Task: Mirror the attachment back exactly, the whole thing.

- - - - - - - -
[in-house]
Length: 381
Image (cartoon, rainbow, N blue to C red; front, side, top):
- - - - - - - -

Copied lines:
[in-house]
Length: 381
Image (cartoon, rainbow, N blue to C red; front, side, top):